$1 Million for Persistent Kernel-Level Bugs in Apple Products
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$1 Million for Persistent Kernel-Level Bugs in Apple Products

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Apple users are not entirely immune against cyber threats and vulnerabilities. Thus, it is not that surprising that Apple has decided to expand its bug bounty program to more researchers by increasing the maximum payout to $1 million.




The announcement was made a few days ago by Ivan Krstić, head of Apple’s security engineering and architecture, during the Black Hat security conference in Las Vegas. The program is scheduled to launch next year, and it will give selected researchers special iOS devices to look for vulnerabilities.

Maximum payment in Apple’s Bug Bounty is now $1 million

The maximum payment of the bug bounty is set at $1 million, and it is meant for persistent kernel-level security flaws that require no user interaction. Overall, Apple has increased the payouts for other vulnerabilities and problems.

The most interesting thing about the updated bug bounty program is that Apple plans to grant access to pre-release software. Bounty hunters will also be allowed inside access to iOS, including devices that come with SSH. macOS, iCloud, tvOS, and iPadOS, and watchOS are also included in the program, as opposed to its current version which only includes iOS and iCloud.

According to a Krstić presentation during the conference, the program will be open to “everyone with a record of high-quality systems security research on any platform”.

The highest previous payment in the Apple’s bug bounty program was $200,000, a payment for the discovery of a flaw in secure boot firmware components. Researchers also had to be invited to participate, which limited the program by default. The change in the program triggered positive feedback by the community, including Patrick Wardle, one of the well-known Apple security experts.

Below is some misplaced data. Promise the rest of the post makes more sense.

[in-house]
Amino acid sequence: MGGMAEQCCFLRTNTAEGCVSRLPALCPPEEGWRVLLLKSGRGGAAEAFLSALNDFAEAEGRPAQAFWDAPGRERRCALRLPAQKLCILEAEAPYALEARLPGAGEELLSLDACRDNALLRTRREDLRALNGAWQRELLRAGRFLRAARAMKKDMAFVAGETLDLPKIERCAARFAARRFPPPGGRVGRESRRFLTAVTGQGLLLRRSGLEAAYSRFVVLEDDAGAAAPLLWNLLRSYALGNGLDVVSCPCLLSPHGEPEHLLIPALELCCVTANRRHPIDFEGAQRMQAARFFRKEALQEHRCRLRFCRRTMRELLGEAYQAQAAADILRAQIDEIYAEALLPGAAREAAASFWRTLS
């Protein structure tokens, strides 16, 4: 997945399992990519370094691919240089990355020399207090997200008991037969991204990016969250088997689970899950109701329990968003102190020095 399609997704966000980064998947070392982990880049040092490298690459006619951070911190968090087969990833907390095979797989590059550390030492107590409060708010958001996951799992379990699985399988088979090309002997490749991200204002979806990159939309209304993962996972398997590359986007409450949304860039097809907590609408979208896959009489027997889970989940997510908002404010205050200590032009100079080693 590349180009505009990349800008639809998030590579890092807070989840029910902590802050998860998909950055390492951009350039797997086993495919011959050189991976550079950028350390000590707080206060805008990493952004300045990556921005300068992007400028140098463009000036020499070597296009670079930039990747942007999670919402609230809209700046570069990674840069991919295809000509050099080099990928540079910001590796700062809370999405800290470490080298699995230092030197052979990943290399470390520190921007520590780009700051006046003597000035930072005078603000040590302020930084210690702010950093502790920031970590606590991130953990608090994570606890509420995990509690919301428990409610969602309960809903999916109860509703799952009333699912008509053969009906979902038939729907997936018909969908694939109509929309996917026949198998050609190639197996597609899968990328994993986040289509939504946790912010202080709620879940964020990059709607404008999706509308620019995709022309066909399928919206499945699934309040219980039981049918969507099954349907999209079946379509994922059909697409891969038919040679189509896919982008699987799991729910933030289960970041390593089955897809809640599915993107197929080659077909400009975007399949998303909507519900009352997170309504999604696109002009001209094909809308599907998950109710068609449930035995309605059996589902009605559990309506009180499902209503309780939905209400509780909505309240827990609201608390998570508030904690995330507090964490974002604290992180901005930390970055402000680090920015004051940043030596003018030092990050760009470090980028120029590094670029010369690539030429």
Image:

Related: Nearly All Apple Devices Vulnerable to Attacks on AWDL Protocol

Apple’s bullet-proof security is a myth

A recent report released by TU Darmstadt and Northeastern University researchers reveals that vulnerabilities in AWDL (Apple Wireless Direct Link) could enable attackers to track users, crash devices, or intercept files transferred between devices in man-in-the-middle (MitM) attacks.

From a user perspective, AWDL allows a device to remain connected to an infrastructure-based Wi-Fi network and communicate with AWDL peers simultaneously by quickly hopping between the channels of the two networks (AWDL uses fixed social channels 6, 44, and 149), StackOverflow users wrote.

According to the report, “with deployments on over one billion devices, spanning several Apple operating systems (iOS, macOS, tvOS, and watchOS) and an increasing variety of devices (Mac, iPhone, iPad, Apple Watch, Apple TV, and HomePod), Apple Wireless Direct Link (AWDL) is ubiquitous and plays a key role in enabling device-to-device communications in the Apple ecosystem.”

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Milena Dimitrova

An inspired writer and content manager who has been with SensorsTechForum for 4 years. Enjoys ‘Mr. Robot’ and fears ‘1984’. Focused on user privacy and malware development, she strongly believes in a world where cybersecurity plays a central role. If common sense makes no sense, she will be there to take notes. Those notes may later turn into articles!

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